"The workers’ comp return-to-work model is slightly different from the conventional pain management and integrative health wellness models...If patients are taught self-care tools, they learn to better manage their condition on their own.”
East Asian Medicine Practitioners (EAMPs) offer workers’ compensation patients a way to manage pain without the risk of opioid dependency, in which Washington state Department of Labor and Industries (L&I) takes particular interest.
The worker’s comp program in Washington currently categorizes acupuncturists as ineligible for reimbursement. Bastyr University alumna Megan Gale, MSAOM, Dipl O.M, EAMP, LMT, with a team from the Washington East Asian Medicine Association (WEAMA), is making significant strides toward changing that rule. After a 20-year effort among EAMPs), a pilot program has been approved, and qualified acupuncturists in Washington are now able to treat select patients as part of the state workers’ comp pilot program.
An East Asian Medicine practitioner, Gale has worked in a hospital setting for more than 10 years. She was the first acupuncturist hired at the Interdisciplinary Pain Management Clinic at Madigan Army Medical Center in Tacoma, Washington, which offers a functional restoration program for active duty military service members with significant functional impairment due to a pain condition. Her career led her to serve as a member of National Certification Commission for Acupuncture and Oriental Medicine (NCCAOM) Hospital-based Practice Taskforce (2015–2016) and as a WEAMA board member (2015– 2017), in which position she coordinated the WEAMA Labor and Industries (L&I) Committee. This committee, with Gale’s leadership, combed through study after study to extract data on the benefits of acupuncture for those experiencing low back pain. This STRICTA-compliant literature review showed that acupuncture was effective and had a very low adverse event rate. Lisa Taylor-Swanson, PhD, presented the results of the literature review to the Washington State L&I medical director team in October 2016 and it was well received.
Excitement over this program spread rapidly: Gale and her team soon reached the maximum number of participating acupuncturists, and the program officially began in October 2017. The 215 providers see patients with an open workers’ comp claim specifically involving low back pain. Each patient may receive as many as 10 acupuncture treatments for the life of their claim, if functional improvement is demonstrated.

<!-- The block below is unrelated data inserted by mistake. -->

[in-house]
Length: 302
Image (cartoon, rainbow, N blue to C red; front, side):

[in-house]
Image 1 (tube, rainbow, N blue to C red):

To maintain the program’s momentum, Gale created a documentation toolkit to instruct acupuncturists how to code patients’ charts in compliance with L&I criteria. A standardized template makes it easy to collect required and recommended data.
The toolkit introduces practitioners to the return-to-work clinic model and focuses on collecting metrics, particularly documenting functional change using validated tools. According to Gale, “The workers’ comp return-to-work model is slightly different from the conventional pain management and integrative health wellness models in that the goal is not to cure someone, but to send that person back to work. It’s more about restoring and improving function than pain level, although these often go hand in hand. If patients are taught self-care tools, they learn to better manage their condition on their own.” The patients’ improved function, sleep quality, decreased (or eliminated) need for pain medications, and ability to self-manage pain conditions all lead to decreased disability risk factors, which supports L&I’s Healthy Worker 2020 Strategic Plan.
In the future, Gale hopes to see acupuncture treatment coverage expanded beyond low back pain-related claims alone. For now, the next two years of the pilot study will focus on gathering data and providing results to the L&I Department.